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TiVo, PBS Ink Ad Deal
TiVo announced that PBS would begin a second phase of its advertising program with the personal video recorder (PVR) company, following the marketing of PBS' 9/11 commemoration shows last September.
In the new phase, PBS will advertise three programs on TiVo Showcase, an area for TiVo subscribers to get sneak peaks at new programming and view branded programs from advertisers.
Over the next six months, TiVo Showcase will offer a preview of "Manor House," a six-part reality series of people living in Edwardian England conditions. Also, viewers can see previews and behind-the-scenes footage of "History Detectives," which shows historians and antiquarians dissecting the family histories of everyday people. Finally, the PBS science series "Nova" will be available for frequent taping, in lieu of its usual once-per-week airing.
TiVo has expanded its reach as a marketing vehicle. Once viewed as a threat to advertisers, TiVo, which allows viewers to digitally record programs and easily skip commercials, has made some inroads convincing advertisers that the interactivity of PVRs is an opportunity to connect with viewers. Advertisers such as Best Buy and New Line Cinema have both used TiVo for promotions, while 20th Century Fox recently signed up to have five films promoted in TiVo Showcase this year.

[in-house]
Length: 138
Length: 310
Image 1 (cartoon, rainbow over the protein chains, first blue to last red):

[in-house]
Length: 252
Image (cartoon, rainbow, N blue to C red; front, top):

TiVo has said it will pass the 1 million subscriber mark this year, and researcher Screen Digest anticipates 15 million U.S. households will have PVRs in 2006. The company has said that it expects advertisers' interest will increase as the TiVo audience grows.
iProspect, Future Now Partner
Search engine optimization company iProspect and Web site conversion company Future Now announced on Tuesday that they were joining forces to offer Future Now's site-conversion analysis tool to iProspect customers.
The exclusive deal calls for iProspect to license Future Now's Minerva Architecture Process (MAP) technology that analyzes a company's Web site and makes tweaks to persuade more visitors to convert into customers.
"They were the only people that we've found that had any idea of how to make a Web site convert at a higher rate," said Fredrick Marckini, chief executive of iProspect.
Marckini said the MAP tool would be an ideal add-on to iProspect's search-engine optimization business. He said that while iProspect could do all possible to drive visitors to clients' Web sites through smart search strategies, it could do little to improve clients' conversion rates, which, like most sites', usually hover around 2 percent.
Future Now's chief executive, Jeff Eisenberg, said businesses should not be pleased with their online conversion rates. Instead of hovering in the low single digits, he said online marketers should expect the 40 to 60 percent conversion rate common in the offline world.